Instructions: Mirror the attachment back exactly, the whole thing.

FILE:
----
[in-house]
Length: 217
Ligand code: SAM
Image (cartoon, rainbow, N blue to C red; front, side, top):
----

[in-house]
Length: 217
Ligand code: SAM
Image (cartoon, rainbow, N blue to C red; front, side, top):